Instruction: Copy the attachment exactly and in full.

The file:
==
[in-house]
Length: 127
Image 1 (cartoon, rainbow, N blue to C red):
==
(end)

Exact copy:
[in-house]
Length: 127
Image 1 (cartoon, rainbow, N blue to C red):